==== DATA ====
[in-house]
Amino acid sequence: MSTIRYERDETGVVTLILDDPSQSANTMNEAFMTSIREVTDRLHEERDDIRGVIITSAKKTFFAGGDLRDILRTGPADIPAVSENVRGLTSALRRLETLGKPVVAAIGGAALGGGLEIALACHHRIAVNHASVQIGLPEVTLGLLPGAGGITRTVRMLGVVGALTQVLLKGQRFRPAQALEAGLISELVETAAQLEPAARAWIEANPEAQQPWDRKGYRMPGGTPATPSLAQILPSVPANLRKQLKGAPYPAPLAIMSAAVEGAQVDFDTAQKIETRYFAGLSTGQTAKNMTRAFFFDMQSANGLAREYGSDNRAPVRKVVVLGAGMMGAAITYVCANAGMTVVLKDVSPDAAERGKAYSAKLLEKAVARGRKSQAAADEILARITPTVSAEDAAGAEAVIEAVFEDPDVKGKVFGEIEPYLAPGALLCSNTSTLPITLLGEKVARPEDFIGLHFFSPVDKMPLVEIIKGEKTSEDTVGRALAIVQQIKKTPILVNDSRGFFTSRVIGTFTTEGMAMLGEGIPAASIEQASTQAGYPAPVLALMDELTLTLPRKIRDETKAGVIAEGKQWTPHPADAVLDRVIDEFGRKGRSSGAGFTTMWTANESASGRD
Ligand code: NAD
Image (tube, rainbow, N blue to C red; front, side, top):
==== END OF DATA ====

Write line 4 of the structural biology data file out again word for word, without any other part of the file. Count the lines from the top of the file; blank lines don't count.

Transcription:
Image (tube, rainbow, N blue to C red; front, side, top):